Have you ever taken just a few minutes to scroll through Trulia, Zillow, or any other listing site? If you have a rental that you're listing online you likely have, even if it was just to check to make sure everything uploaded correctly. What did you see? Depending on the filters that you used in your search you likely saw dozens upon dozens of listings in your general vicinity that are in competition with yours. If you don't stand out above the rest, that could be a real problem when it comes to finding the best tenant to rent from you.
Turnover time for an apartment unit or single-family home can be stressful enough without having to wonder if you'll be able to fill the unit quickly. The longer it sits vacant, the more money you lose. Not only are you not receiving an income for it, but you're still paying the mortgage, the insurance, you may need to pay utilities on it while it's vacant, and any number of things. If it's in a rougher neighborhood, you may need to worry about protecting it from vandals and even squatters while it sits vacant. That's a lot to deal with and at least some of those things could be bypassed by filling the unit with a renter. Obviously you can't take the first interested party that comes along without checking that they are who they say they are, so you'll want to reach out to a wide variety of people so that you'll have your choice of applicants to find the best one. There are a couple things you can do to market your property to stand out against the others in the area.
Make sure they see what you see in the rental.
If you've bought the property you likely had a reason as to why you chose that particular one. Make sure that your applicants see what you saw in it when you chose to buy that one. The first is to take plenty of pictures and show off the best qualities of the home. You'll want to take your time. Make sure the property is cleaned up and presented in a positive light. If workmen are there to spruce the place up, that's great, but don't put those pictures up until the maintenance and upgrades are done. Clear out any trash or clutter so that the potential applicants can see the rooms and features without being distracted by items that won't be coming with the unit anyway.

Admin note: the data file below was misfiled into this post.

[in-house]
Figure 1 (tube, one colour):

You'll want to take high-quality photos. This isn't to say that you need to hire a professional photographer, but anyone can snap a picture on a smartphone. Make sure your pictures stand out and show off all the great things about the property. Next will be how you advertise. Reach out to as many online, reputable listing sites as you can so that you can make sure to reach as many people as possible. You may wish to take advantage of programs that will push your listing out to a variety of places from one portal (such as LandlordStation's listing program). Just as you did with your photos, highlight the best parts of the rental with words. Did you recently upgrade the kitchen? Make note of that! Is the property located close to a popular shopping center or grocery store? These little details could sway a person looking at the property so that they take the time to reach out to you. Do your research for the surrounding area when you set your rental price to make sure you're not pricing your property too high or too low for the market value. If you price it to one extreme or the other, your listing could be flagged as a scam and you'll have to jump through hoops to re-list it and will lose valuable marketing time.
Streamline the process for efficiency.
Once you have the property listed you'll begin to receive a response. No one likes to wait, especially if they have fallen in love with your property and want to make it their home for the foreseeable future. While some applicants' excitement may set off alarms, some simply wish to secure a new place to live and you'll help both yourself and the applicant by handling the application process in the most efficient way possible.
Online tools make streamlining this process easy. You may wish to have an application already set up to send via email so that they may fill it out and get it back to you before you meet with them. If you have an open house to allow potential applicants to take a look at the property on-site, make sure to have a stack of applications ready for them.
You'll want all the information written down for your records, and you should screen every serious applicant, because if you don't and they skip out without paying the full lease's rent then you will have to begin this process all over again, sans the money used in getting them out.
Applying for a new rental is stressful for the renters just as it is for you as the landlord. If you keep things running smoothly they'll see that you're dedicated to your job and will have fewer worries going into the lease than they might otherwise. Keep every process that you go through as the landlord as efficient as possible and you'll attract tenants that appreciate it and are quick to follow through in return.
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